Many companies reward ethical hackers who report bugs and security flaws to them, but not in Hungary. An 18-year-old Hungarian man was arrested after finding an exploit in a poorly coded website and reporting it to the owner. The site belongs to Budapesti Közlekedési Központ (BKK), which is Budapest’s public transportation authority. One of the functions of the website was to sell tickets, and that was the page where the bug was found.

The teen had discovered that he could alter ticket prices just by changing them in the source code using the browser’s developer tools. He then ordered a $35 ticket for $0.20. The purchase went through because BKK's system had no validation procedures in place on the client or the server side. So the flaw did not even require any real hacking.

After he had discovered the flaw, he contacted BKK to let them know about it. However, instead of thanking him and fixing the poor coding, they called the police and filed a complaint that he had “hacked” their systems. The police went to the man’s residence and arrested him in the middle of the night, even though he never used or even received the ticket and didn’t live near Budapest.

As if they had accomplished something truly noble, BKK held a press conference bragging about how they had thwarted a “cyber attack” and caught the hacker. When word got out that the hacker was a white hat and had tried to warn the company about the flaw, the storm on Twitter was furious. People scolded, cursed, and sarcastically congratulated @bkkbudapest. There is also talk of protests being organized.

Additionally, the company now has a one-star rating on its Facebook page thanks to thousands of people flocking to it to give them one-star reviews. Currently, the page has 46,000 one-star ratings. Judging by the total number of reviews (only 222 five-star ratings), this is a deficit that BKK will never recover from without creating a new page.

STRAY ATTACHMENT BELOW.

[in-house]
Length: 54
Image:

“Learn to validate server side, you noobs,” said one review. “What were you guys thinking?”

During its presser, BKK claimed that it had “secured” its systems. Of course, angry white hats immediately scrutinized the site and started pointing out other flaws. One Twitter user even called the website’s security “a goddamn train wreck.” The BKK site is currently down.

Hungarian IT company, T-Systems has a million dollar contract with BKK and is responsible for the website. The company has not received as much criticism as the transportation authority, but it has received some backlash on social media. Ironically, according to the company’s own website, it has sponsored ethical hacking contests in the past. Since the news broke of this wrongful arrest of an ethical hacker, the company has taken the page down, but thanks to the Internet Archive, nothing is ever really deleted.

The incident causes one to wonder if there shouldn’t be protections in place for ethical hacking. Should there be laws to protect someone from prosecution if all they were doing was trying to point out a bug in a piece of software or a website? Even though common sense seems to dictate that we should not need them, we do have Good Samaritan laws to protect us from lawsuits and prosecution when trying to save someone’s life. Why shouldn’t we enact similar legislation to protect Cyber-Samaritans?